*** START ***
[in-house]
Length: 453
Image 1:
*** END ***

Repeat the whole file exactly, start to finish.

[in-house]
Length: 453
Image 1: